Some historians have even claimed that Freemasonry derives in some way from the shadowy and mysterious Rosicrucian Brotherhood, which may or may not have existed in Europe in the early 1600s. All of these theories have been looked at repeatedly but no hard evidence has yet been found to give any of them credibility.
The honest answers to the questions when, where and why Freemasonry originated are that we simply do not know. Early evidence for Freemasonry is very meager and not enough has yet been discovered - if indeed it even exists - to prove any theory. The general agreement amongst serious masonic historians and researchers is that Freemasonry has arisen, either directly or indirectly, from the medieval stonemasons (or operative masons) who built great cathedrals and castles.
Those who favor the direct descent from operative masonry say there were three stages to the evolution of Freemasonry. The stonemasons gathered in huts (lodges) to rest and eat. These lodges gradually became not the hut but the grouping together of stonemasons to regulate their craft. In time, and in common with other trades, they developed primitive initiation ceremonies for new apprentices.
As stonemasons could easily travel all over the country from one building site to another, and as there were also no trade union cards or certificates of apprenticeship they began to adopt a private word which a travelling stonemason could use when he arrived at a new site, to prove that he was properly trained and had been a member of a lodge. It was, after all, easier to communicate a special word to prove that you knew what you were doing and were entitled to the wages it deserved that to spend hours carving a block of stone to demonstrate your skills.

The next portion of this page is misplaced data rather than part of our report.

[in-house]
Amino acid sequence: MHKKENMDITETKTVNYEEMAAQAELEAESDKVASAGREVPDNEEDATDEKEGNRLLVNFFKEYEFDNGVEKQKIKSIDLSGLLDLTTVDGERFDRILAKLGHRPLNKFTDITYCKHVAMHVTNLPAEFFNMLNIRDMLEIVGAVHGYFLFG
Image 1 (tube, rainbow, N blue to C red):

We know that in the early 1600s these operative lodges began to admit men who had no connection with the trade - accepted or gentlemen masons. Why this was done and what form of ceremony was used is not known. As the 1600s drew to a close more and more gentlemen began to join the lodges, gradually taking them over and turning them into lodges of free and accepted or speculative masons, no longer having any connection with the stonemasons' craft.
The only problem with this theory is that it is based solely on evidence from Scotland. There is ample evidence of Scottish operative lodges, geographically defined units with the backing of statute law to control what was termed the mason trade. There is also plenty of evidence that these lodges began to admit gentlemen as accepted masons, but no evidence so far that these accepted members were other than honorary masons, or that they in any way altered the nature of the operative lodges. No evidence has become known, after more than a hundred years of searching building archives, for a similar development in England. Medieval building records have references to mason' s lodges but after 1400, apart from masons' guilds in some towns, there is no evidence for operative lodges.
Yet it is in England that the first evidence of a lodge completely made up of non-operative masons is found. Elias Ashmole, the Antiquary and Founder of the Ashmolean Museum in Oxford, records in his diary for 1646 that he was made a freemason in a lodge held for that purpose at his father-in-laws house in Warrington. He records who was present, all of whom have been researched and have been found to have no connection with operative masonry. English evidence through the 1600s points to Freemasonry existing apart from any actual or supposed organization of operative stonemasons.